At one point, determined to get at least a little sleep, I asked the nurse to please put me on a dextrose drip. This nurse (who was not my favorite in general!) actually seemed hesitant, and then said that it would mean taking me off of the pitocin for a while. It was suddenly clear to me why I was still throwing up. I told her to switch it anyway and we could just switch back once my blood sugar was up, because being constantly in the 50s and 60s very simply isn’t healthy. She made the switch, my throwing up slowed down, and my numbers started to rise. (I also wasn’t in a rush to get back on the pit, because it was really just supplemental to what my body would do naturally to return the uterus back to normal.)
After that, everything was manageable again. I had lows, especially since I didn't feel up to eating full meals right away, but I could hold food and drinks down once I was off the pit the next morning. Other than having to ask for a lot of juice and soda, diabetes kind of dropped into the background again for the rest of our hospital stay.
Of which I am glad, because we had other things to focus on.
Xander was healthy, and seemed just so perfect! At 8 pounds 10 ounces, he was on the bigger side of normal (but was actually smaller than I was when I was born). The other common risk when a mother has diabetes is that the baby’s blood sugar can drop right after birth. Xander’s was described as “borderline” on the first test, but they simply fed him and all of the following tests were normal.
Chad, Xander, and I were Tired with a capital T. There were times when it took me 10 minutes to test my blood sugar because I would fall asleep 4 times before I finished. Seriously, I’m not exaggerating! Really! Chad has a little story about one time when I was going to put my glasses on, but I paused with the glasses suspended a few inches away from my face… and just dosed off in that position for a minute. When I came to, I just finished putting them on like nothing had happened.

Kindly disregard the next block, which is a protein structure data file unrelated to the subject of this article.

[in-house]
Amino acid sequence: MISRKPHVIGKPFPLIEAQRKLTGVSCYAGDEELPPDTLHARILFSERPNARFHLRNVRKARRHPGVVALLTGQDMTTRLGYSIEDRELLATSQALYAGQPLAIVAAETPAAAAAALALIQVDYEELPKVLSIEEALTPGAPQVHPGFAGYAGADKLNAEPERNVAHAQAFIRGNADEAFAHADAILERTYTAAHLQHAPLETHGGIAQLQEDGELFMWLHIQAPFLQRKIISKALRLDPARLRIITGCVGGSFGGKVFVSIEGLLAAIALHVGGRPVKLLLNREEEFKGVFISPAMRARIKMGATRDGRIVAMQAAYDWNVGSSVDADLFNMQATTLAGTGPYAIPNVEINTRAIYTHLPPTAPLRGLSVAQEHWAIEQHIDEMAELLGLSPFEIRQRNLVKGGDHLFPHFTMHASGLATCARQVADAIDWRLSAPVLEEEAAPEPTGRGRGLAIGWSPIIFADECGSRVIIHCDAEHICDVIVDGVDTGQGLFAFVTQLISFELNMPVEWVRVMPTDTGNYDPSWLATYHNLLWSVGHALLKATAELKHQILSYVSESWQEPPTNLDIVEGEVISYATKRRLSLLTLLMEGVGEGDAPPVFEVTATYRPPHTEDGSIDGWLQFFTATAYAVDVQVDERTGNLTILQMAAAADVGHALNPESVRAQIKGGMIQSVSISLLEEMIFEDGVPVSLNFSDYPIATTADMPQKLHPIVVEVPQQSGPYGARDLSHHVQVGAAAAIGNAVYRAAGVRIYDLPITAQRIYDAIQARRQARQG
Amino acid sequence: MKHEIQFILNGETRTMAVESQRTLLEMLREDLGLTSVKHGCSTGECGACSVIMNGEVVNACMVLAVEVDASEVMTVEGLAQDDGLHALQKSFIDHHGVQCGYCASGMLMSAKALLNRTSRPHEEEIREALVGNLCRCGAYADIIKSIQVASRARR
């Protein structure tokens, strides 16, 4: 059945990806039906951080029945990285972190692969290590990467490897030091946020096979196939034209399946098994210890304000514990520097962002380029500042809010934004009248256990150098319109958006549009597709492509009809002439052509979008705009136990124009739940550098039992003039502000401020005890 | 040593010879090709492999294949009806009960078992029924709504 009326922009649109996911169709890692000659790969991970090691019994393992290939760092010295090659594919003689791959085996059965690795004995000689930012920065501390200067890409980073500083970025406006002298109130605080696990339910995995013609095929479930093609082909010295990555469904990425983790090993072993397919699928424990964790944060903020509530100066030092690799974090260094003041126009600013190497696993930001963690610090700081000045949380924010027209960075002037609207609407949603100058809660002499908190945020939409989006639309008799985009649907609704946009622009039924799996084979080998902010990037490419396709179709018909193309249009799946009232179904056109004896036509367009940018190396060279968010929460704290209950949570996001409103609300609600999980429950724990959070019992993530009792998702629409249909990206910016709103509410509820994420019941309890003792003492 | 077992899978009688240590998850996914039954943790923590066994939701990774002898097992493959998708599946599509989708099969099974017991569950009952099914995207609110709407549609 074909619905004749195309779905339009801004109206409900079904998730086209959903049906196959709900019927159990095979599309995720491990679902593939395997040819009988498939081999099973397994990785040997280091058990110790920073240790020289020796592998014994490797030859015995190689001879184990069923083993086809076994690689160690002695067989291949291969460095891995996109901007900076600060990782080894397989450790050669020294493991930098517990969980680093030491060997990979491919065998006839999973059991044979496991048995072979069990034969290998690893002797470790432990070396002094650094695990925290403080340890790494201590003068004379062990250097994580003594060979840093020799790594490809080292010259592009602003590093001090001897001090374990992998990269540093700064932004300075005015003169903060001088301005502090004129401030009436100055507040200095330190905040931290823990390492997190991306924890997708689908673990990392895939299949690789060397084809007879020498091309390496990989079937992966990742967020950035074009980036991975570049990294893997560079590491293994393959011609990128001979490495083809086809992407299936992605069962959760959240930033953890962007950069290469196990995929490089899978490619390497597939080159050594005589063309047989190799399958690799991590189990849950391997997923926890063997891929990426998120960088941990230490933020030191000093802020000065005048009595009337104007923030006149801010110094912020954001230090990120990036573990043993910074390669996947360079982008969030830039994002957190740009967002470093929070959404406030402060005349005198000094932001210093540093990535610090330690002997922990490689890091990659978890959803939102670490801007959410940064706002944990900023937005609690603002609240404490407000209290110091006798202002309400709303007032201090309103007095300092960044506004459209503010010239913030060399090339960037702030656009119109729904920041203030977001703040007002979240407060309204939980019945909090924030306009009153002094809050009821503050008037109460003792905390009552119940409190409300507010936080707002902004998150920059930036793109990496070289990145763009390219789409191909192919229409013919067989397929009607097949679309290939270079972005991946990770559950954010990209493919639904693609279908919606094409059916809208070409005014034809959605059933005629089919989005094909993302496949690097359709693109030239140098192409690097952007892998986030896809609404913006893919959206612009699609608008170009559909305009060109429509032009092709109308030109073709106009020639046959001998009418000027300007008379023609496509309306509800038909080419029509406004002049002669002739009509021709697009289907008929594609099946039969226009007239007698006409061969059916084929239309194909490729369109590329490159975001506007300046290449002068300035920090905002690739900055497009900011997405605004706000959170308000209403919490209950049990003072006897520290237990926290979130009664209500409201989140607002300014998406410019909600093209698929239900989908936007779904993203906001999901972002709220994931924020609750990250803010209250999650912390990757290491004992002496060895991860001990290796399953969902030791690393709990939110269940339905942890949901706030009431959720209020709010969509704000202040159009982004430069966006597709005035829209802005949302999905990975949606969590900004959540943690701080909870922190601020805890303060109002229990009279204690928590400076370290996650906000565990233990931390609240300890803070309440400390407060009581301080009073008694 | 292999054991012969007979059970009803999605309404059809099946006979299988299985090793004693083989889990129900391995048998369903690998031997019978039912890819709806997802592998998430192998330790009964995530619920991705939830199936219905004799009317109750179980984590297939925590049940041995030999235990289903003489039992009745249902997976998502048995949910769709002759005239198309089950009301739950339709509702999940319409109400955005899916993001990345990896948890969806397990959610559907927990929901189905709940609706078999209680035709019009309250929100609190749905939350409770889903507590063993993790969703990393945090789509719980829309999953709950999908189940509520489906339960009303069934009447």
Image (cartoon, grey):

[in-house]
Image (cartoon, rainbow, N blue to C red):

But like I said, all three of us were tired. Chad was trying to feed Xander a bottle on Xander's second night and was just nodding off repeatedly. The nurse told him that if we’re going to give him bottles, “We can do that. Don’t try to be a hero. Let us keep him in the nursery, and you get some sleep.” I imagine this must have been a relief to him since I really couldn’t do much that day after Xander was born. Having a C-section makes even walking to the bathroom and back hard work, much less changing diapers and bouncing babies. Chad was suddenly thrown into the task of taking care of both of us. We let Xander go for the night and finally got some decent sleep.
To sum up the timeline: We went into the hospital Friday evening, Xander was born Saturday (August 13th) evening, and we left the hospital Tuesday afternoon. The entire experience was exhausting, but the results were so worth it.
|Going home... Please focus on how cute Xander is and not on how|
aweful I look when swollen and without makeup!